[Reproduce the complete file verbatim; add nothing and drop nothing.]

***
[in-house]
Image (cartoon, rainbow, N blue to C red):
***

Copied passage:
[in-house]
Image (cartoon, rainbow, N blue to C red):